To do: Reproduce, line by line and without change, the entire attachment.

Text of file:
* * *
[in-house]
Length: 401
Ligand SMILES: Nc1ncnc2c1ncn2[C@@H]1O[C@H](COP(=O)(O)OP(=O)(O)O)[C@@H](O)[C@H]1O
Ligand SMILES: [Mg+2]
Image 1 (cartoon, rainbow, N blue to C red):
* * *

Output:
[in-house]
Length: 401
Ligand SMILES: Nc1ncnc2c1ncn2[C@@H]1O[C@H](COP(=O)(O)OP(=O)(O)O)[C@@H](O)[C@H]1O
Ligand SMILES: [Mg+2]
Image 1 (cartoon, rainbow, N blue to C red):